We use much for uncountable nouns:
Did you buy much food?
We haven’t got much luggage.
How much money do you want?
A: Have you got any money?
B: I’ve got some, but not much.
A: How many photographs did you take?
A lot of or many or much?
In an informal style, we use much and many
mostly in questions and negative clauses.
He's got lots of men friends, but he doesn't know many women.
It is more natural than:
He's got many men friends, ...
Note - lots of is slightly more informal than a lot of
The word many is used with plural nouns and verbs,
especially in negative sentences or in more formal English.
Also used in questions.
So, we normally only use many and much as determiners
in affirmative (positive) sentences when we are using formal English,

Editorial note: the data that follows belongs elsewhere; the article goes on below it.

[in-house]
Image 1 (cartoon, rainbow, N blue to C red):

which means mainly in writing.
Note again - there is an exception (there always is in English).
We use many and much in positive sentences after so, as and too.
Michael Swan "much and many" -
A lot of is used for all types of noun:
| We bought a lot of food.
||We bought a lot of books. |
|Paula hasn’t got a lot of free time.
||Did they ask you a lot of questions? |
Note that we say:
A lot of people speak English ( not ‘speaks’)
We use much in questions and negative sentences, but not usually in positive sentences.
Do you drink much coffee / a lot of coffee?
I don’t drink much coffee / a lot of coffee.
I drink a lot of coffee. (NOT "I drink much coffee".)
Do you drink much coffee?
Yes, a lot. (NOT much)
We use many and a lot of in all types of sentences.
Have you got many friends / a lot of friends?
We haven’t got many friends / a lot of friends.
We’ve got many friends / a lot of friends.
You can use much and a lot without a noun:
My tutor spoke to me, but she didn’t say much.
Do you watch TV much? No, not much. ( = not often)
We like films, so we go to the cinema a lot. (Not ‘... go to the cinema much’ )
I don't like him very much.